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Rheumatoid arthritis patients on TNF Inhibitors at increased risk of Tuberculosis

Rheumatoid arthritis patients on TNF Inhibitors at increased risk of Tuberculosis

Turkey: Rheumatoid arthritis patients on TNF Inhibitors at increased risk of Tuberculosis, finds study.

Treatment with TNF inhibitor (TNFi) increases the risk of developing tuberculosis (TB) compared to non-users, finds a new study from Turkey.

The study, published in the Journal of Clinical Pharmacy and Therapeutics found that among 2117 patients treated with a TNF inhibitor (TNFi) the risk of TB was 6 fold higher in those treated with a TNFi compared to non-users.

Volkan Aydin, Department of Pharmacology, Marmara University School of Medicine, Istanbul, Turkey, and colleagues conducted this retrospective cohort study to determine the risk of developing TB due to the use of anti‐TNF‐α in patients with rheumatologic diseases (RDs) on a nationwide basis.

This retrospective cohort study included patients with rheumatoid arthritis (RA), ankylosing spondylitis, juvenile idiopathic arthritis or psoriatic arthritis (PsA) that treated with or without TNFI. The calculated the 2-year RR of TB after TNFi. Among 413 500 rheumatic patients, 2117 received TNFi.

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Key Findings:

  • Four patients among anti-TNF-α users developed TB compared to 128 patients in anti-TNF-α-naïve group (189 vs 31 cases per 100 000 patients, respectively.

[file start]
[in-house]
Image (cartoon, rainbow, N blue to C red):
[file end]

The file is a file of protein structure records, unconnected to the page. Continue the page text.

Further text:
• The 2-year risk of TB (RR) was  6.07 (95% CI, 2.25-16.42).
  • The risk was higher in men (RR 5.39; 1.69-7.17), adults (6.12; 2.26-16.55) and RA (5.70; 1.41-23.08) and PsA (13.46; 1.58-114.40).

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These findings are similar to other studies showing a higher risk of TB with TNFi users.

“This study is the first prescription‐based nationwide study to suggest an elevated RR of TB in a comparably younger population with a broad spectrum of RDs managed with any approved anti‐TNF‐α drug in Turkey,” write the authors.

Another report from Romania assessed the incidence of active TB and the efficacy of TB prevention measures. (Citation source:

Patients were divided into 3 groups according to LTBI screening: tuberculin skin test (TST) with a positive threshold of either 10 mm (group TST1), or 5 mm (group TST2), and QuantiFERON®-TB Gold test (group QFT).

Among 550 patients included (305 RA, 42 PsA, 203 AS). The number of TB cases/time of exposure to TNFi (person-years, PY) was 8/593.5, 9/1044.0 and 3/555.3, respectively, accounting for an incidence of 1348.0, 862.1 and 540.2 cases per 105 PY.

The number of active early TB cases (in the first year of TNFi) was relatively few – only 3/8, 1/9 and 1/3.

Overall there were less TB cases in the QFT group, probably due to the reduced duration of exposure to TNFi.

In this cohort study, TB was more likely to occur after 1 year of TNFi treatment, rather than early, suggesting the need for ongoing monitoring and TB prevention measures, especially in high-risk areas and populations.

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Source: With inputs from Journal of Clinical Pharmacy and Therapeutics

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